Joe McCarthy and Lillian Hellman: The Hated Patriot vs. the Beloved Commie

Over half a century after the "Red Scare," playwright and memoirist Lillian Hellman, whose name is often coupled with her adversary Senator Joe McCarthy, seems to have emerged relatively unscathed in the court of elite progressivist opinion despite the exposure of her manifold fabrications and deceptions.  The liar, it appears, is the incarnation of a higher truth.  Such is the power of the press and the cultural salience of left-wing attitudes in America.

Hellman, a passionate supporter of the Soviet Union even when Stalin's crimes had been widely publicized, was subpoenaed before the House Un-American Activities Committee by McCarthy [see comments –ed.] and was subsequently lionized by the media, the commentariat, and the entertainment industry from the 1950s to the present for refusing to name names.  She was elevated to the plinth of truth and courage while McCarthy was effectively consigned to the Eighth Circle of the Inferno as an evil counselor and a sower of discord.

We can agree that McCarthy cast too wide a net, and many will argue that he was responsible for a climate of national hysteria, but we cannot deny, after the release of the Venona transcripts, that he was mainly right.  There was indeed a concerted and largely successful attempt to infiltrate the White House by Soviet agents during the 1940s and 1950s.  This was McCarthy's truth.  Hellman, however, was a notorious liar, of whom novelist Mary McCarthy (no relation to Joseph) said, "Every word she writes is a lie, including 'and' and 'the.'"  Historian Alice Kessler-Harris in her hagiographic 2012 volume A Difficult Woman attempted to justify Hellman as a literary fabulist with a poor memory who believed that truth is larger than fact.  Dorothy Gallagher in her 2014 biography Lillian Hellman: An Imperious Life is having none of it, turning a postmodern extenuation into a historical indictment.  "She dissembles ... hedges, misleads," Gallagher writes, and proves it.  Even the pro-socialist Joan Mellen in Hellman and Hammett concurs.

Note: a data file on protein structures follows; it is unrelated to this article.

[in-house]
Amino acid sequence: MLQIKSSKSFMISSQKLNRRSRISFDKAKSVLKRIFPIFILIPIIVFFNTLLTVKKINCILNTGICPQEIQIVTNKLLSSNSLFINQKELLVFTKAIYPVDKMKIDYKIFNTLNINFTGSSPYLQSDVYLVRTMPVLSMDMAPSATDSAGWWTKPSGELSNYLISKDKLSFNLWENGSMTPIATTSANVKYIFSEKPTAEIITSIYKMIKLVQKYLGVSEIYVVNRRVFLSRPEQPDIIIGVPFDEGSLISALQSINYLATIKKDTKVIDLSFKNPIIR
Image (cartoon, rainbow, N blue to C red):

In her acclaimed memoir Pentimento, Hellman told of her revolutionary generosity and grave personal risk in smuggling money to a certain Julia, a member of the anti-fascist underground in Austria just prior to the war – a blatant lie, perpetuated by Jane Fonda playing Hellman in the film Julia.  There was no Julia.  Hellman's reported adventures in to Berlin and her cloak-and-dagger activities were the stuff of pure fiction, like something out of The Maltese Falcon.  (Ironically, the word "pentimento" refers to a scumbling technique in visual art – i.e., something painted over.)  The real-life risk-taker, Muriel Gardiner, stated that she had never met Hellman, and when Gardiner wrote a letter to Hellman about her anti-fascist exploits, Hellman affected never to have received it.  Gardiner's book Code Name "Mary" (1983) and her subsequent television documentary The "Real" Julia (1987)are as definitive as you can get, the latter suggesting that Hellman may have learned about the specific details of Gardiner's activities from their mutual friend and lawyer, Wolf Schwawbacher.

According to Martha Gellhorn, Ernest Hemingway's wife at the time and a correspondent during the Spanish Civil War, Hellman grossly misrepresented the details in her account of her visit to Spain, sending after-the-fact reports from the safety of distance from the front.  Hellman implausibly claimed she was unaware of the Stalinist purge when she was in Moscow.  She asserted she was never a member of the Communist Party – a flat-out lie.  She said that during the blacklist, she was forced to earn her living as a store clerk, papering over her investment wealth and her extensive property holdings in New York and Martha's Vineyard.  The photo of Hellman posing in a mink coat in a Blackglama ad with the caption "What Becomes a Legend Most" does not consort with the legend of hardship she promoted.  According to historian Samuel McCracken in Commentary, in which he listed a veritable skein of lies and contradictions, "The real issue posed by Miss Hellman is that she has manipulated millions of readers and moviegoers into admiring her as an ethical exemplar and a ruthlessly honest writer."